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Why Microbes are the New "IT" in Gardening!

Close-up of soil microorganisms and their description.
Soil Micro-Organisms at work

Stop into the parking lot of any nursery in America, and what do you see… bags and bags and pallets upon pallets of soil products - Potting Soils! Planting Mixes! Composts! Mulches! Why?

Because most people don’t make great compost at home, and even if they do make a decent compost, they don’t make enough. Every year gardeners across the country replenish their pots, raised beds, containers and in-ground beds with more and more soil. Why?

Because the microbes in the soil break down organic matter every single day that they are active in the garden. Microbes are most active when the soil temperatures reach 68-72 degrees, but are active for you cold climate gardeners as soon as the air temp reaches 40 degrees. Did you know that the soil temperature even on a cold, sunny day can be 10 degrees warmer than the air temperature? Which means at 50 degrees the microbes are breaking down organic matter and doing their job in your garden.

Who are these microbes and what are they doing in my yard?

Let me introduce them to you. To start off your microbial team we have bacteria. They are basically, the start of life on this planet. They are unicellular cells without a nucleus. There can be millions to billions of these guys in a gram of soil! For even the smallest of yards, that’s a whole lotta microbes!!

Related to bacteria are actinomycetes. They are groups of bacteria who decompose the complex polymers that are found in dead plants, animal and fungal material. They are the guys who give us that “earthy” smell in soil. Many of them help create antibiotics! They are aerobic and form spores that are those powdery white looking growth in our decomposing compost piles.

Actinomycetes aid in the growth of mycelium, the vegetative (mushroom) part of fungi that search for water and nutrients.

Speaking of fungi, they are the long, slender filaments that have adapted to create the pores necessary for soil to exist. They decompose organic matter by releasing enzymes from hyphal tips that break down decaying and decomposing material, and also absorb nutrient.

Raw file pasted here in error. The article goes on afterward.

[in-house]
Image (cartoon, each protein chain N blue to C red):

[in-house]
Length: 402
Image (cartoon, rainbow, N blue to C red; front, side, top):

Lastly, we have larger decomposers, protozoa. Like our unicellular organisms that decompose organic materials, as well as chow down on lots of bacteria, which releases nutrients for your plants to eat which closes the microbial loop.

Pretty amazing stuff, huh? So just remember, we’re not dealing with dirt anymore, we’re dealing with living soil. Be not only a gardener of plants, but learn to be a gardener and steward of these beautiful microscopic creatures that really do all of the heavy lifting in your garden if you’ll let them. How do we do that?

How can we become stewards of the microbes?

We quit using the synthetic, chemical and salt-based fertilizers that will kill them. We start learning the no-till method of gardening, so that we don’t disturb the beautiful microbial colonies that are forming in our plots and in our pots. We buy organic products to amend our precious soil with. Here is a BIG tip for all of you gardeners out there. It is the microbes that will repair all of the damage that we do to the environment with toxins and pollutants.

Give the the best chance to thrive and survive by using clean, diverse forms of organic matter to munch on and decompose. Use the BEST compost you can use for them too.

Hand holding earthworm from home composting system.

© Randy Ritchie

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